Learn to Profit from a “Creeper Trend”
10/03/2011 11:48 am EST
We build on last week’s lesson with a real market example of a “creeper trend,” a formation which is often difficult to identify and trade, thus requiring certain adaptations on the part of traders.
Previously, I explained what a “creeper trend” is, how it develops, and—if you’re willing to feel uncomfortable—how to trade it carefully (it’s not your typical trade set-up).
I wanted to follow up that lesson with a great example of a creeper trend formation (trade entry), trend reversal (with excellent positive momentum divergence example), and re-formation of a creeper trend in the opposite direction.
While this is your standard trend reversal example, I wanted to take it a step further and explain it in terms of feedback loops and creeper trends, which are important but often misunderstood concepts.
Let’s start with the five-minute “bigger-picture” structure of crude oil at the end of September 2011:
For simplicity, we’ll focus on two main lessons:
- The creeper trend move (see my MoneyShow.com article about lessons on Creeper Trend for detailed explanation)
- The reversal of the creeper trend on clear (lengthy) positive momentum divergences
The goal is to empower you to spot (and understand) a creeper trend in real time and then trade in the direction of the creeper trend until a clear reversal signal develops (and what that signal is).
NEXT: Learning to Identify a "Creeper Trend"|pagebreak|
Starting at the top left of the chart, price formed negative momentum divergences, broke under a rising trend line along with the 20- and 50-period exponential moving averages (EMAs), and then formed a “support shelf” above $83.00 per barrel.
Our conversation begins when price triggers a sell short signal at 11:00 am CST with the break under the $83.00 support shelf.
What resulted was a bar-over-bar positive feedback loop that evolved into an infamous “creeper/oozing” trend that didn’t really give traders good entries, exits, or risk-management parameters.
That’s what a creeper trend does: it confuses many traders and leaves them sidelined, never quite getting that perfect retracement entry.
Let’s focus our attention on the overnight reversal off of lengthy (persistent) positive momentum divergences (3/10 oscillator) at the $80.00-per-barrel level.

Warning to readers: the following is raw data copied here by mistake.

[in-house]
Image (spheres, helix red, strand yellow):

In a trending move—including intraday creeper trends—we look mainly to EMAs to provide structure and trade entries on retracements.
We also look to these EMAs (I prefer the 20 and 50 periods) for reversal signals when price breaks through these averages.
We confirm the move by assessing the picture from momentum; namely, we want to see lengthy positive divergences ahead of a breakthrough.
We also want to see if the oscillator thrusts to a new relative high which accompanies the EMA (or trend line) breakthrough. If so, this is a hidden signal of strength; hidden because traders who are not assessing momentum do not see the “burst” or “kick-off” signal in the oscillator.
A momentum kick-off occurs when an oscillator thrusts to a new relative high (preferably off divergences) when price is clearly not making a new relative high.
Traders should not remain short after a kick-off signal that accompanies a price breakthrough of a trend line or EMA structure. In fact, this is an aggressive buy signal to play the potential trend reversal in development.
Traders place stops under the swing low when entering on the trend line/EMA breakthrough, in this case at $80.50.
NEXT: See This Trend Unfold on Shorter Time Frames|pagebreak|
An opposing or bullish feedback loop (“creeper trend”) developed to the upside, resulting in a similar bar-over-bar creeper/oozing price action until price developed a sideways support shelf around 6:00 am.
Unlike the prior session, price actually held this support shelf, resulting in a breakout “bull flag” buy signal…but that’s another story for another day.
For additional reference, here are the one-minute charts that step us inside both the down move and the up move:
Crude oil’s reversal signal and subsequent bullish “creeper trend” development:
Lower-time-frame charts provide a clearer picture of what we’re seeing on higher frames, allowing us to “step inside” the price action seen on a higher frame.
The important thing to learn from this reference post is the development/ignition of a creeper trend, the reversal signal via positive divergences, and the official trend reversal that created (surprise!) another creeper trend situation.
Take time to learn the lessons from clean examples like these so you’ll be better prepared to recognize and trade these situations when they develop in real time in the future (across all markets and time frames).
By Corey Rosenbloom, trader and blogger, AfraidToTrade.com
I’ll be speaking specifically on trend days—how to spot them in real time, how to trade them, when to expect them, and how to adapt your tactics/trades to them—at the upcoming Las Vegas Traders Expo in November.